48 LAST_VALID_COND = COND_S,
49
50 // Artificial condition codes. These are used by AnalyzeBranch
51 // to indicate a block terminated with two conditional branches to
52 // the same location. This occurs in code using FCMP_OEQ or FCMP_UNE,
53 // which can't be represented on x86 with a single condition. These
54 // are never used in MachineInstrs.
55 COND_NE_OR_P,
56 COND_NP_OR_E,
57
58 // Artificial condition codes. These are used to represent the negation of
59 // above two conditions. The only scenario we need these two conditions is
60 // when we try to reverse above two conditions in order to remove redundant
61 // unconditional jumps. Note that both true and false bodies need to be
62 // avaiable in order to correctly synthesize instructions for them. These are
63 // never used in MachineInstrs.
64 COND_E_AND_NP, // negate of COND_NE_OR_P
65 COND_P_AND_NE, // negate of COND_NP_OR_E
66
67 COND_INVALID
68 };
6069
6170 // Turn condition code into conditional branch opcode.
6271 unsigned GetCondBranchFromCond(CondCode CC);
462462 }
463463
464464 define void @fpcmp_unanalyzable_branch(i1 %cond) {
465 ; This function's CFG contains an unanalyzable branch that is likely to be
466 ; split due to having a different high-probability predecessor.
465 ; This function's CFG contains an once-unanalyzable branch (une on floating
466 ; points). As now it becomes analyzable, we should get best layout in which each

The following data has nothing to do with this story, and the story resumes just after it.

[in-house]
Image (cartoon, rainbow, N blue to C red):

467 ; edge in 'entry' -> 'entry.if.then_crit_edge' -> 'if.then' -> 'if.end' is
468 ; fall-through.
467469 ; CHECK: fpcmp_unanalyzable_branch
468470 ; CHECK: %entry
469 ; CHECK: %exit
470 ; CHECK-NOT: %if.then
471 ; CHECK-NOT: %if.end
472 ; CHECK-NOT: jne
473 ; CHECK-NOT: jnp
471 ; CHECK: %entry.if.then_crit_edge
472 ; CHECK: %if.then
473 ; CHECK: %if.end
474 ; CHECK: %exit
474475 ; CHECK: jne
475476 ; CHECK-NEXT: jnp
476 ; CHECK-NEXT: %if.then
477477
478478 entry:
479479 ; Note that this branch must be strongly biased toward
480480 ; 'entry.if.then_crit_edge' to ensure that we would try to form a chain for
481 ; 'entry' -> 'entry.if.then_crit_edge' -> 'if.then'. It is the last edge in that
482 ; chain which would violate the unanalyzable branch in 'exit', but we won't even
483 ; try this trick unless 'if.then' is believed to almost always be reached from
484 ; 'entry.if.then_crit_edge'.
481 ; 'entry' -> 'entry.if.then_crit_edge' -> 'if.then' -> 'if.end'.
485482 br i1 %cond, label %entry.if.then_crit_edge, label %lor.lhs.false, !prof !1
486483
487484 entry.if.then_crit_edge:
493490
494491 exit:
495492 %cmp.i = fcmp une double 0.000000e+00, undef
496 br i1 %cmp.i, label %if.then, label %if.end
493 br i1 %cmp.i, label %if.then, label %if.end, !prof !3
497494
498495 if.then:
499496 %0 = phi i8 [ %.pre14, %entry.if.then_crit_edge ], [ undef, %exit ]
506503 }
507504
508505 !1 = !{!"branch_weights", i32 1000, i32 1}